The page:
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Leadership Styles

Complex Problems Require an Agile Leadership Style

The ways that leaders present themselves and interact with their colleagues can either support agility, or defeat it. In this article, we describe the difference between leaders and managers (which are often confused), identify a few well-known leadership styles and present the characteristics of an agile leadership style, one that enables empiricism and self-management to thrive.

The Difference Between Leaders and Managers

The terms “leader” and “manager” are often used interchangeably, yet they are very different concepts. Understanding the difference is key to understanding the role of leaders and managers in agile organizations.

Managers and Management - As simple as it sounds, managers “manage.” They concern themselves with the day-to-day operations of the business. Managers generally oversee people, processes or tasks, making certain that work is on-track. Management is generally an organizational role that comes with a level of authority. Teams are often compelled to follow the direction of their managers simply because of this organizational authority. 

Leaders and Leadership - Similarly, leaders “lead.” Leaders present compelling visions for the future and seek to inspire people and teams to achieve their common goals. Leaders paint a captivating picture and teams follow them not because they hold authority over them, but because they believe in the vision and trust the leader. Some of history’s famous leaders are Mahatma Gandhi, Martin Luther King Jr. and Nelson Mandela.

Some leaders are managers, but not all managers are leaders.

Managers and leaders in Scrum - While there are often managers in organizations, there is no such construct in Scrum. On the other hand, there can be many leaders on a Scrum Team. For example, the Scrum Master acts as a leader in the Scrum domain, influencing the team to improve their effectiveness by using Scrum. The Product Owners are product leaders, creating an enthralling vision of the product and influencing the team to manifest its value. Similarly, any Developer on the team can also be a leader by using their expertise to drive innovation and deliver value.

What are Leadership Styles?

A leader’s style is the way they present themselves. It includes their demeanor and the methods they use for influencing others. 

There have been countless models of leadership and leadership styles proposed by business schools, organizational psychologists and various authors.  Some include: 

  • Autocratic, Democratic, Laissez-faire or Transactional leadership  
  • Compliant, Combative, Competitive or Catalytic leadership1
  • Servant leadership2
  • And others…

As agilists, we tend to work on complex problems (where more is unknown than is known). Complex problems require a leadership style that we refer to as “agile leadership.” 


1 Described in “The Professional Agile Leader” by Eringa, Bittner and Bonnema
This term originates from an essay written by Robert K. Greenleaf in 1970

An Agile Leadership Style

Given the tight connection between agility, complex problems and our focus on Scrum, it makes sense to talk about the traits of agile leaders in Scrum terms.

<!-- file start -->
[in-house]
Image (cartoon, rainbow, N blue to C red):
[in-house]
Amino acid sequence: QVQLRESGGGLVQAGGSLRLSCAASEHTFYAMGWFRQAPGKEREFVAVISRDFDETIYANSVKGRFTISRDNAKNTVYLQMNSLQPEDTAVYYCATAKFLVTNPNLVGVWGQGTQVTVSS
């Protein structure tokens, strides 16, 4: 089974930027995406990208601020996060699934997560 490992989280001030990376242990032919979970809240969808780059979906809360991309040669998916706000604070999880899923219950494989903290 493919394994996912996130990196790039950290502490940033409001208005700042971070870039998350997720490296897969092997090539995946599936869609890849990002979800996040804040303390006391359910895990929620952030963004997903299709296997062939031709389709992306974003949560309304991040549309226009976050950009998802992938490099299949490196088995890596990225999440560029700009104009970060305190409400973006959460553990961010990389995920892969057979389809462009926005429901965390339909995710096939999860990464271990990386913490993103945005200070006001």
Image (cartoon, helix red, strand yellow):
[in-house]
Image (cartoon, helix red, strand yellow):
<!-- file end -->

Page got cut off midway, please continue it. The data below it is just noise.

Those that use an agile leadership style create an environment where empiricism and self-management can flourish. 

For example, agile leaders:

  • Act with great humility. They recognize that complex problems have no obvious solutions so there is no need to show they have all the answers.
  • Create the conditions that support strong, empowered self-managing teams: 
    • Help the teams set meaningful goals and help them inspect their progress toward them
    • Make certain that the boundaries and accountabilities are clear and well-understood. If they are managers, agile leaders delegate much of their decision-making authority to the teams
  • Foster empiricism by encouraging experimentation. Experimentation centers around creating hypotheses and then seeking to either confirm or disprove the hypothesis. When a hypothesis is disproved, agile leaders recognize that this is not the experiment failing, but rather a successful learning process.
  • Keep the team’s focus on the value and customer outcomes that the team is creating, rather than managing the team’s output and activities.
  • Creates an environment of trust and transparency by modeling and reinforcing the Scrum Values.
  • Use techniques such as coaching, teaching, mentoring and facilitation to build high performing teams. They do not command or direct the teams to achieve a goal.
  • Help teams transition to agility by letting go of old ways of working:
    • Agile leaders transform themselves first. They adopt an agile mindset and an agile leadership style.
    • Agile leaders focus on value instead of tasks, actions and velocity. So instead of using dashboards and metrics that don’t support agility, agile leaders use Evidence-Based Management (EBM) which focuses on four Key Value Areas (current value, unrealized value, ability to innovate and time to market).
    • Agile leaders continually look for ways to shift reward structures and promotions away from emphasis on individual accomplishments to the value that the team creates.

A Word about “Servant Leadership”

Previous versions of the Scrum Guide used the term “servant leader” to describe the style of leadership that Scrum Masters should use. In the 2020 revision, the term “servant leader” was removed, instead putting more emphasis on leadership in general. This wasn’t done to discourage Scrum Masters from being servant leaders, but rather to remove the potential misinterpretation that Scrum Masters are servants first and leaders second. Understanding the idea of servant leadership is still valuable when using Scrum.

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